September 25, 2017

Old Lyme Seeks to Increase the Town’s Rate of Recycling

recycle_logoCurbside recycling by Old Lyme residents has become very routine.  However, there is some evidence that many recyclables end up in the blue trash bin rather than the green recycling bin. So, to reduce those missed opportunities, the Town has appointed a Solid Waste and Recycling Committee, which will investigate and identify ways to improve recycling in Old Lyme.

We plan to publish – with LymeLine.com‘s assistance – several informational articles that lay out best practices. This first piece provides an overview of our current curbside program.

Why we recycle

First, it’s the law! Connecticut implemented a mandatory recycling law in 1991; the law applies to all Old Lyme residents, every business in town. and all public and private agencies and institutions (e.g., schools); and applies, regardless of whether you rent or own, or whether you live in single or multi-family residences.

Second, and perhaps more importantly, it just makes good sense. A typical household produces nearly five pounds of solid waste each and every day. Only about a pound of that gets recycled. So, that’s about ¾ ton of trash per household per year that ends up burned or buried. Connecticut must dispose of almost 2.5 million tons of trash every year.

Clearly, the more that we recycle, the less that trash and garbage ends up in our landfills and incineration plants. Recycling enables recovery and re-use of potentially valuable materials – turning what would otherwise be treated as waste into valuable resources.

Single Stream Recycling

OL_green_binIn 2011, Old Lyme implemented single stream recycling to streamline recycling for residents and, since then, all recyclables can be placed, unsorted, in the green recycling bin. Many of you probably remember the old 14-gallon blue recycling boxes which required separation of glass, paper, metal, & cardboard. Residents can now recycle more at each pickup.

What should we recycle?

We must recycle: all paper, cardboard; paperboard (e.g., cereal boxes & egg cartons); glass; aluminum food cans and foil; juice and milk cartons; non-deposit plastic soda bottles and cans; detergent bottles; empty aerosol cans; and all plastic labeled #1 to #7. There are more details at: http://oldlymesanitation.com/.

What should not be placed in your green bin?

Do not put any trash; plastic grocery bags; needles or syringes; Styrofoam; shipping peanuts; or food waste in your green bin. Never throw grass clippings or yard waste in the trash.

Recycling rules

  1. Flatten your cardboard before placing it in the bin.
  2. All recycled containers (cans, bottles, jars, etc.) must be empty and rinsed clean (You do not need to remove the labels).
  3. You should redeem your deposit bottles and cans at your supermarket rather than placing them in the bin.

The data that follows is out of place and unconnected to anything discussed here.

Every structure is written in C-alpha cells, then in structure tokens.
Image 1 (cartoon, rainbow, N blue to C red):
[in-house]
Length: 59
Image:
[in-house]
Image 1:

4. Recyclables should be placed dry and loose directly in the green bin (do not put them in plastic bags).
  5. Greasy pizza boxes are not recyclable.
  6. The plastic container code (the number inside the chasing arrows symbol) identifies recyclable plastics #1 to #7.

What do I do with all these plastic super market bags? – Just say “paper”?

Plastic bags should never be put in your green recycling bin because they can jam equipment at the facilities that prepare recyclables to be marketed.  Many Connecticut supermarkets have collection receptacles for plastic bags at the store and they will then be recycled. Really, the simplest solution is to just bring reusable bags with you when you go shopping. Most of us have a back seat full of those reusable bags.

How successful have our recycling programs been?
earth_surrounded_by_recycling_logoConnecticut has a goal of reducing, reusing and recycling 58 percent of our municipal solid waste by the year 2024.  The State’s goal incorporates everything included in Old Lyme’s recycling program. Our current rate is in the range of 25 – 32 percent. The State of Connecticut rate is currently below 30 percent.

This article outlines Old Lyme’s current recycling program. Subsequent articles will cover areas that fall outside the curbside program (e.g., bulky items like mattresses and furniture; appliances and electronics; unused prescriptions; and paint and hazardous waste). We’ll discuss the economic costs and benefits of recycling, and review what currently happens to your trash and recycling after it leaves your bin; and provide suggestions for better recycling practice, which will bring Old Lyme closer to Connecticut’s goal.

Old Lyme’s Solid Waste & Recycling Committee meets monthly. If you have questions or comments, contact: alete1@sbcglobal.net or TDGotowka@aol.com. The recycling section of the Town’s website is also a good source of information.

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